The Canon EF-S 18-55mm f/3.5-5.6 IS II Lens

Following on from my previous post, is an old camera cost effective? I would have to say yes. While the 70-300 mm lens isn’t stabilised it is reasonably good on a tripod but how about its little brother the 18-55?

The auto focus is snappy and hits its mark almost every time, low light being a little less reliable.

That being said I have been quite pleased with the lens in general terms. The following image was taken using its macro ability, with the macro selected from the control ring, the lens will focus at a reasonably close distance. The specs say approx 9 inches minimum distance but it seems it can get a tad closer than that.

IMG_2934

 

Shot at f7 @ 1/100 using ISO 200 at 55 mm fl detail is good , colour is accurate and there is a pleasingly blurred background evident, with a thin depth of field, much better than one might expect from a kit lens. Camera set on Macro setting.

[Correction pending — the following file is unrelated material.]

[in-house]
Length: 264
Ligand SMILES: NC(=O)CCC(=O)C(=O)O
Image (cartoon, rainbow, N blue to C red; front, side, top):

Using the lens without the macro setting also yields nice images. The following image was taken on an overcast day and the image was underexposed by 2 stops as I had inadvertently left the Ev setting at -2 EV as the previous shots were taken in very harsh light. While badly underexposed I was able to bring some life to the RAW image in post processing. Notable too is that even at f5.6 the depth of field is less well defined and is a good indication of just what the Macro setting of the camera achieves when switched on.

IMG_3025edit.jpg

ISO 400 @ f5.6 with 1/320 sec using 55 mm fl

While not the fastest or sharpest lens Canon has, nonetheless it does aquit itself reasonably well, and in good lighting conditions certainly can produced pleasing results.

Compared to the Fuji XC 16-50 mm kit lens however, it isn’t in the same class. The Fuji XC kit lenses are very good, which is typical of Fuji’s lens lineup, even in the lower tier kit lenses which as an added bonus are all stabilised, something that Canon still fails to do even in their latest entry level offerings.

The question then is how good does it perform as an astrophotography lens? More on this subject to come.

 

 

 

 

 

 

Advertisements

Is an old camera cost effective?

Photography on a very limited budget.